MANUSCRIPTS AND GENIZAH PAPERS
Characteristics of the collection
This is the largest collection of Jewish manuscripts in the Czech Republic, with more than 2,000 items of various provenance and age. It is focused on Hebrew and Yiddish manuscripts relating to the Bohemian lands and also contains Genizah papers. It also includes literary works and archival documents that are of great artistic interest, in particular written material relating to the life of religious communities and individuals. The geographical focus of the collection is Bohemia, Moravia and Silesia, although it also includes manuscripts from Germany, Italy and the Netherlands, among other places.
The current content of the collection
The rarest manuscripts in the collection include medieval Hebrew codices with liturgical, exegetical and religious-legal content,
mostly from the Ashkenazi region. Synagogue prayer books from Bohemian and Moravian Jewish communities are the earliest examples
of the traditional work of local Jewish scribes and illuminators. Also represented in the collection is the last heyday of
Jewish manuscript illumination in the 18th century – namely the work of the Moravian School of Penmanship (Aaron ben Benjamin
Zeev Herlingen of Jevíčko, Nathan ben Shimshon from Velké Meziříčí, etc.). The collection also contains several hundred
liturgical synagogue scrolls, in particular Esther scrolls from the late 17th through to the early 19th century, mostly of
Italian provenance. Before the Second World War, Torah scrolls were not usually part of the collections of Jewish museums
in Bohemia and Moravia. It was not until after May 1942 that Torah scrolls from the Protectorate of Bohemia and Moravia appeared
in the Prague Jewish Museum. In the 1960s, more than 1,500 of these scrolls (out of a total of 2,000) were sold by the Czechoslovak
authorities to a private purchaser in London. The museum also has a group of family scrolls (megillot), which describe true
stories in which individuals have been miraculously saved from various disasters that have struck the Jewish population of
After liturgical works, the second largest group comprises halakhic, exegetical and homiletic texts. The collection also contains autographs and copies of works and lectures given by well-known scholar-rabbis who were active in Bohemia and Moravia, such as David Oppenheim, Jonathan Eybeschütz, Ezechiel Landau and Moses Sofer. Also in the collection are works relating to philosophy, medicine, natural sciences, history, teaching, fiction and poetry. The preserved Kabbalah manuscripts are mostly copies of famous works, some of which were written in Moravia where the Kabbalistic tradition was developed under the influence of Eastern European Jewish Mysticism.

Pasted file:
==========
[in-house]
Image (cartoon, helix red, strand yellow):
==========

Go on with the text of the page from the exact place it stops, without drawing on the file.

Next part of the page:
The collection also includes a unique, self-contained group of decorative plaques (such as shiviti and mizrah) from households and synagogues, dating from the mid-18th century onwards. Zeh ha-shulhan plaques are examples of folk art and are specific to Bohemia. Among the corporate records are artistically interesting memorial documents and statutes, as well as circumcision and Yahrzeit lists. Among the family-related documents are ketubbot (wedding contracts), bills of divorce and Yahrzeit plaques, as well as family cookbooks.
Microfilms of most of the manuscripts are available to researchers at the Jewish Museum in Prague and at the Institute for Microfilmed Hebrew Manuscripts at the National Library of Israel, Jerusalem.
History of the collection
The core of the collection comprises manuscripts from the library of the Prague Jewish Community. Most of these manuscripts
were bequeathed by Jewish scholars who were active in Prague, such as Solomon Judah Rapoport (1790-1857). Some of the material
was also part of the collection of the pre-war Jewish Museum and a large amount of valuable manuscripts came to the museum
during the Second World War as part of the wartime shipments of property belonging to Jewish communities that had been disbanded
and subsequently liquidated by the Nazis.
The collection was gradually expanded in the following decades. As a result of research into the genizot (storerooms) of Bohemian and Moravian synagogues carried out in the late 1990s and early 2000s, the collection gained about a thousand manuscript and printed fragments, some of which are extremely rare. About a tenth of this material has been incorporated into the collection so far, the rest awaiting conservation and treatment.
The most interesting collection pieces
Haggadah shel Pesah (The Story of Passover)
Inv. No. JMP 013.352 Haggadah shel Pesah (The Story of Passover) Illuminated manuscript on parchment Scribe: Nathan ben Shimshon from Velké Meziříčí Acquired by the museum in 1942-45 from an unidentified collection point, probably from the collection of the pre-war Jewish Museum in Prague (1906-1940).
Family megillah of Joseph Shohet, son of Hersh Mizlap from Prague
Inv. No. JMP 179.562 Family megillah of Joseph Shohet, son of Hersh Mizlap from Prague Manuscript on parchment Prague, po 1744 Acquired by the museum in 2009; purchased via the Sotheby's Auction House, New York.
Siddur. Prayers for the Year Round
Inv. No. JMP 168.460 Siddur. Prayers for the Year Round Manuscript on parchment Regensburg, 15th century From the depository, previously in the library of the Prague Jewish Community.